On Monday, Mickey Rourke, the former wrestler, actor, and muscleman,
bought a Vladimir Putin T-shirt at a mall in Moscow:
When asked for a comment on Putin, Rourke, who seemed tired, employed a metric familiar to all machos. “I met him a couple times,” Rourke said. “He looked me right in the eye. I think he’s a good guy.”
Rourke wasn’t the first American buff to dress in Putin recently.
On Saturday, Steven Seagal, the action star whose films include Executive Decision and Today You Die, picked up a Vlad T-shirt after performing in a rock concert played for a crowd of Russian nationalists in Sevastopol:
This is partly about celebrity advocacy: Seagal has expressed admiration for Vladimir Putin and supported Russia’s annexation of Crimea. And at Saturday’s concert, the flag of the self-proclaimed Donetsk People’s Republic reportedly flew onstage.
But it’s also about something else. Like the stoner in your high-school class with the Che Guevara T-shirt, these men are iconoclasts in search of an icon.
“I don’t give a fuck about the politics,” Rourke said.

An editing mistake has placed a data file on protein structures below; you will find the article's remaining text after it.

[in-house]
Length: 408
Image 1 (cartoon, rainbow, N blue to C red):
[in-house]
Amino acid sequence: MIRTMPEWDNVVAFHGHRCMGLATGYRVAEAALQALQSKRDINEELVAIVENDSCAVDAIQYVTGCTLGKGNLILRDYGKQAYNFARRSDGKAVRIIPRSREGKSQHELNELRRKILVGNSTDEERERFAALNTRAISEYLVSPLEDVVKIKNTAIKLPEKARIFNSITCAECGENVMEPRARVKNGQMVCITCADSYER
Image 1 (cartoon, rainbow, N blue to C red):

Uri Friedman is deputy managing editor at Foreign Policy. Before joining FP, he reported for the Christian Science Monitor, worked on corporate strategy for Atlantic Media, helped launch the Atlantic Wire, and covered international affairs for the site. A proud native of Philadelphia, Pennsylvania, he studied European history at the University of Pennsylvania and has lived in Barcelona, Spain and Geneva, Switzerland.| Passport |
Joshua Keating is associate editor at Foreign Policy and the editor of the Passport blog. He has worked as a researcher, editorial assistant, and deputy Web editor since joining the FP staff in 2007. In addition to being featured in Foreign Policy, his writing has been published by the Washington Post, Newsweek International, Radio Prague, the Center for Defense Information, and Romania's Adevarul newspaper. He has appeared as a commentator on CNN International, C-Span, ABC News, Al Jazeera, NPR, BBC radio, and others. A native of Brooklyn, New York, he studied comparative politics at Oberlin College.| Passport |